or at the chorus website:
princetonol.com/groups/hvcho-
rus. Advance purchase tickets
are $10 for seniors and students
and $12 general admission. Ad-
mission at the door is $15.
Titusville State History
Fair May 11 rain or shine
Experience five centuries of
New Jerseys history all in one
place at the SPIRIT of the JER-
SEYS State History Fair, a his-
torical festival for all ages that
will take place on Saturday, May
11 at Washington Crossing State
Park in Titusville.
This free, award-winning
event, which runs from 11 a.m. to
5 p.m. rain or shine, draws
more than 5,000 visitors
annually.
This year, visitors will be en-
tertained by Phydeaux's Flying
Flea Circus and Wahoo Medicine
Show a throwback to the trav-
eling medicine shows of the 19th
century.
Washington Crossing State
Park is located on the Delaware
River, just eight miles north of
Trenton.
For more information and a
complete list of activities about
the Fair, visit njhistoryfair.org or
call (609) 737-0623.
A parking donation of $5 per
vehicle is suggested.
BRIEFS
WEDNESDAY May 1
Hopewell Seniors Connect: Search
Google Like a Pro. 10 a.m. to 11
a.m. at the Hopewell Library.
Google is one of the prime tools
to help you tame the Web. This
demonstration will provide tips
and tricks to use Google more
efficiently with Google's special
search tools and advanced
search techniques. No registra-
tion needed. Contact Karen Tay-
lor-Ogren at (609) 737-2610 or
ktayloro@mcl.org. Thursday,
THURSDAY May 2
Crochet Corner. 3 p.m. at the
Hopewell Library. Needle crafters
who already know the basic cro-
chet stitches are invited to drop
in to socialize and work on a proj-
ect of their choice. Experienced
needle crafter Margaret Woo will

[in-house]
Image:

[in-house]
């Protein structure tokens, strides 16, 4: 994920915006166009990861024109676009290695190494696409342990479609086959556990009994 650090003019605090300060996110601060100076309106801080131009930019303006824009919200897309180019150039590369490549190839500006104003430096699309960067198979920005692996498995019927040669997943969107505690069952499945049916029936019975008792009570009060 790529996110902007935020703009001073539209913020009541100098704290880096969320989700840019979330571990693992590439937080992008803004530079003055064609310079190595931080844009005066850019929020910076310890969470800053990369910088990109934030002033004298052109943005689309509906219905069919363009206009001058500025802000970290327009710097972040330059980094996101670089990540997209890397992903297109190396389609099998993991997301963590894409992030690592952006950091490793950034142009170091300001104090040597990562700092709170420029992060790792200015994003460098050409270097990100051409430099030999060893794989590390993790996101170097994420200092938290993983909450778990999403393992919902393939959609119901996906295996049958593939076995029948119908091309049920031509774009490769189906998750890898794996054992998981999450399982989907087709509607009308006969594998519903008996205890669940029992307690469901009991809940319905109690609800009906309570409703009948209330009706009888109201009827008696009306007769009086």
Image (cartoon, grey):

be available to assist individuals.
Registration suggested. Call
(609) 989-6920.
FRIDAY May 3
Story Time: Ages 2 to 5; siblings
welcome. 10:30 a.m. to 11:15 a.m.
at the Hopewell Library. Come
make a craft or enjoy a story with
a caregiver. No registration
required. For more information,
call (609) 989-6921.
SUNDAY May 5
Hopewell Presbyterian Church:
Worship service at 10:30 a.m.
Intergenerational Sunday School
from 9 to 10:15 a.m. Coffee fellow-
ship from 11:30 a.m. to 12:30 p.m.
80 West Broad St., Hopewell.
Hopewell United Methodist
Church: Worship service at 10
a.m. Teen/adult education from 9
to 9:45 a.m. Sunday school at 10
a.m. Youth group at 6:30 p.m. 20
Blackwell Ave., Hopewell. Sunday,
May 5 St. Alphonsus Roman
Catholic Church: Mass at 7:30, 9
and 11:15 a.m. 54 East Prospect
St., Hopewell.
Word Christian Fellowship Interna-
tional: Worship service at 10 a.m.
Sunday school at 10:30 a.m. 44
Van Dyke Road, Hopewell.
MONDAY May 6
Mother's Day Kids' Open Craft:
Ages 3 to 8. 4 p.m. to 5:30 p.m. at
the Hopewell Library. Children
may stop by the childrens activi-
ty room to make a special craft
for Mother's Day. A staff member
will be present to aid with the
craft. The projects can usually be
easily adapted to meet a variety
of age and skill levels.
Adult Chess Club: Ages 16 and old-
er. 6 p.m. to 8:30 p.m. at the
Hopewell Library. Hone your skills
and have a game at our first-ever
adult chess club. All skill levels
welcome. Bring your own board
and clock. No registration
required. For more information,
contact Karen Taylor-Ogren at
(609) 737-2610 or
ktayloro@mcl.org.
TUESDAY May 7
Baby Time: Ages newborn to 2. 11
a.m. to 11:30 a.m. at the Hopewell
Library. This program is a great
way to introduce your child to
library story times and reading.
Age appropriate books are
shared with the group. Songs,
nursery rhymes, puppets, and felt
board figures create a rich audio-
visual and social experience.
After 20 minutes of structured
group time, there is time for play
and for socializing. Adult supervi-
sion required.
CALENDAR PAGE 8 MAY 1-7, 2013
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WANT TO BE LISTED?
To have your meeting or affair listed in the Calendar or Meetings,
information must be received, in writing, two weeks prior to the
date of the event.
Send information by mail to: Calendar, The Sun, 1330 Route 206,
Suite 211, Skillman, NJ 08558. Or by email:
news@hopewellsun.com. Or you can submit a calendar listing
through our website (www.hopewellsun.com).